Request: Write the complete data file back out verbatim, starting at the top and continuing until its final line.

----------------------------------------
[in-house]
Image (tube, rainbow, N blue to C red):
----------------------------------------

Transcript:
[in-house]
Image (tube, rainbow, N blue to C red):